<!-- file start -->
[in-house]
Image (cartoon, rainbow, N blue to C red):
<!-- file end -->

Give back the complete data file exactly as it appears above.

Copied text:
[in-house]
Image (cartoon, rainbow, N blue to C red):